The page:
Bruce Chatwin, the British travel writer, novelist and art historian died on January 18, 1989 at the age of forty-eight. Chatwin, who was married but carried on many homosexual affairs, died from AIDS.
Although he tried to keep the real reason for his final illness secret (to protect his conservative parents from knowing the truth about his sexual life, he said) it had become an open secret by the time of his death.
To explain his obviously declining health Chatwin would claim that he had caught a rare fungal illness after eating a 1,000 year old egg in China. I happened to see Chatwin at the final public appearance of his life at The Harbourfront Reading Series in Toronto in October, 1987.
There, he appeared gaunt and tired. He had cancelled an appearance the day before because of illness. Still, he was witty and charming and stuck to the Chinese egg story despite the rumours that he was in fact HIV positive.
After his death some gay rights activists were critical of Chatwin’s refusal to acknowledge the truth, even later when he was clearly dying, and accused him of adding to the stigma of AIDS.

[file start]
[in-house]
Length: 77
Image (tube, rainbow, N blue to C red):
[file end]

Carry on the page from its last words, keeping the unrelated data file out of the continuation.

Chatwin’s short life was full of remarkable experiences. He went to work at Sotheby’s at the age of 18, as a porter dusting statues, and by his early twenties he was in charge of the auction house’s Antiquities and Impressionist Art departments.
He was known for his diligence but also for his keen instincts. Chatwin was famous for his ability to spot forgeries and to quickly pick good pieces out of mixed consignments. He left Sotheby’s at 26, having just become a director of the firm.
He followed his art career with a career in journalism, then became an intrepid travel writer and award-winning novelist. His travel essays and books (In Patagonia, Songlines, What am I Doing Here) have a very impressionistic style to them and read almost like fiction.
In fact it turned out that many of the scenes and incidents in Chatwin’s non-fiction were fabricated. In much the same way as Ryszard Kapuściński “fictionalized” his travel books, Chatwin invented incidents that he felt told the “truth” more clearly than actual events.
I have been reading Chatwin for years and I love both his non-fiction and his fiction (The Viceroy of Ouidah, The Black Hills, Utz) and I don’t really make a distinction between them.
Although his books are all still in print I don’t think he’s read as much these days as he once was. His romantic sort of travel narratives aren’t in vogue at the moment, but I think he’s worth reading.
Whether writing about nomadic tribes in Africa or a fictional pair of bachelor brothers who never travel beyond their farm on the Welsh border, Chatwin was always full of curiosity and empathy.